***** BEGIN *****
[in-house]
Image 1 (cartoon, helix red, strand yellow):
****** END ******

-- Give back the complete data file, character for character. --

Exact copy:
[in-house]
Image 1 (cartoon, helix red, strand yellow):